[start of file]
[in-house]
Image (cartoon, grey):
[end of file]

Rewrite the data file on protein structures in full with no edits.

[in-house]
Image (cartoon, grey):